Between August 20 and August 25, 2012, hundreds of women, men and children were rounded up and killed in cold blood by regime forces in the liberated city of Daraya. To this day, it remains one of the worst massacres perpetrated in Syria since the beginning of the uprising in March of 2011.
The Wikipedia entry for this massacre portrays the responsibility for the event as contested, citing sources of supposed ‘two sides’ of the story who blame each other for the bloodshed. The only problem with that is that the ‘two sides’ are not objectively as valuable.
The English version of the entry mainly relies on Western sources. In fact, the ‘other side of the story’, the regime’s side, relies on a single source only: British journalist Robert Fisk. Fisk visited Daraya a few days after the massacre while embedded with Syrian government forces. The testimonies he gathered there came from local residents who were speaking close to, and sometimes in the very presence of, regime soldiers.
The end result of much of the coverage, symptomatic of a much larger problem, is a feeling of doubt and uncertainty, as if we were talking about an unverifiable atrocity carried out somewhere in the chaos of war.
But that narrative was contested by various Syrians as well as non-Syrians. The famous journalist Janine Di Giovanni, for example, also went to Daraya after the massacre but without being embedded with the regime army, unlike Fisk. None of the witnesses she spoke to corroborated Fisk’s story and neither did Human Rights Watch nor Daraya’s local coordination committee, which explicitly criticized Fisk. Giovanni’s Syrian visa was revoked by the government following her article at the time, while Fisk’s remains intact to this day, four years later.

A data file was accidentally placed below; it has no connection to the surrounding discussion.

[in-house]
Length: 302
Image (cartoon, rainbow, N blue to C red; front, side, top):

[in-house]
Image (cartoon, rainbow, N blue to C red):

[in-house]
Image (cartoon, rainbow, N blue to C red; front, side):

— S. Rifai (@THE_47th) 30 August 2012
Among the many Syrians who criticized Fisk for his coverage of the Daraya massacre were just ordinary citizens from Daraya running a humble news service while the massacre was happening.
The news service is called Enab Baladi (عنب بلدي), which means ‘the Grapes of my Country’ in Arabic. It was founded in January 2012 and is largely women-run. They’ve been publishing weekly since 2012 with only one two week break: the week of the Daraya massacre, during which their office was destroyed by the Syrian army.
Regarding the Daraya massacre itself, Enab Baladi has released several statements since August 2012 saying that the perpetrators were Assad’s forces. For example, on Sunday, August 25, 2016, they published:
The publication of Enab Baladi’s 79th issue coincides with the first anniversary of the Daraya Massacre, which was carried out by regime forces last August. It was one of the bloodiest massacres in the contemporary history. Casualties exceeded 700 deaths, and hundreds of injuries,